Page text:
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Shan

Ohio

More precisely, somewhere near Bowling Green Ohio... anyone know what it is like? There might be an opportunity for Mr Shan and I to mve there for 3 to 4 years and then return to the UK.
lottie

My e.d. lives in the midwest--but Illinois rather than Ohio---the winters are very cold and snowbound. the summers very hot, fall is beautiful. Having said that it can't be so bad as they only went for 3/4 years and are now U.S. citizens and very happy there. They certainly work harder , longer hours and with less holiday time than they would have done here, but the rewards are there as well ----just make sure the job comes with A1 medical insurance. Wink
Shan

Thanks Lottie. A1 Medical insurance would be a major priority!
Kenworth

I was through here about 2 weeks ago, and used to go through regularly in my semi truck.

Bowling Green is below the line of lake effect snows. It does snow there, and often times it can get deep but not as much as it would get up closer to the Great Lakes. Less snow, but just as cold.

Not too far from Toledo, OH. Bowling Green, OH is on a major interstate, I-75 and near the Ohio Toll Road, I-80. North into Michigan to Detroit, West through Indiana into Illinois to Chicago and East to Cleveland, South to Dayton and Cincinnati beyond. Certainly not too far away from Canada to the North.

Ohio has suffered like the rest of the Midwest with a great loss of industrial jobs. I don't know what A-1 insurance is, but if your prospective employer offers health insurance, take it. Most likely you will have to help pay for it, but maybe not. I would guestimate that 75-85 % of companies have employee co-pay for insurance, with deductables, of course.

Ft. Megis is nearby, I understand they do a lot of American timeline re-enacting. I've always wanted to go.

Physically pretty flat land. Not overly hot in the summer, certainly not tropical. I think that area has installed a lot of the giant wind turbine windmills. I know there is a 24 hour Meijers there, I have parked my semi truck there. Lots of grain/vegetable farmers in the surrounding areas.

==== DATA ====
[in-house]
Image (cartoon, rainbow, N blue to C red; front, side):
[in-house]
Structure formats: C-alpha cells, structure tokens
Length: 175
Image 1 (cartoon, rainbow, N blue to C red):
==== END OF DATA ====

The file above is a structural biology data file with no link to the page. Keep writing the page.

Not a metropolitan area by any means, but not like the lone prairie either.


C'mon over!

PS

There are several nice hatcheries in OH if you are of the poultry presuasion. Of course we don't have the exotic breeds that you all are used to, but you can get a fix.

PSS

They are building a new casino called Hollywood right on the banks of the Maumee River just south of Toledo.

Another PSS

Another wonderful thing about the US, you can go from the Pacific to Atlantic without having to get a stamp on your passport, lots of interesting things between the two oceans. Smile
bagpuss


Another wonderful thing about the US, you can go from the Pacific to Atlantic without having to get a stamp on your passport, lots of interesting things between the two oceans. Smile


You can get from England to Finland or Greece without getting a stamp in your passport too, the EU is currently good for that Smile


Shan, moving to Ohio sounds like it could be quite an adventure, I might be tempted to wait and see who is the next President before making any decisions though
Shan

Thank you all for the responses.

It does sound like an adventure but the deal would have to be excellent for us to consider it. Currently, we are very happy where we are but would move for the right incentive. We would want to return though and repatriation would have to be part of that deal.

It would be an excellent opportunity to do a lot of travelling in the US, which I would really love to do and property prices inthe US do look a lot more reasonable than here.

Mr Shan's employer currently pays for medical insurance so, we would expect them to completely foot that bill because ultimately, they are desperate for a 'company man' to move to the US, whereas we are comfortable where we are.

Kenworth: we currently live in a rural spot and have 7 acres of land with stables, etc. We wouldn't want to live in Bowling Green - I'm not a city peson but we would want to find some sort of similar set up - where would you recommend that is within an hour of bowling green? 1 hour is the current commute to work.
alice


Another wonderful thing about the US, you can go from the Pacific to Atlantic without having to get a stamp on your passport, lots of interesting things between the two oceans. Smile


You can get from England to Finland or Greece without getting a stamp in your passport too, the EU is currently good for that Smile




Yeah but in the States you don't have to book and queue and wait for a plane/ferry/train to do it.
I've always envied the americans being able to move from tropical sunshine to snowy mountains all within their own land mass.
I don't know about travelling in Europe but British citizens have to have photo ID (photo driving licence or current passport) to travel between Orkney and the UK Mainland.
lottie



Shan, moving to Ohio sounds like it could be quite an adventure, I might be tempted to wait and see who is the next President before making any decisions though
Good point!--Obama might get back in. Shocked Laughing
Shan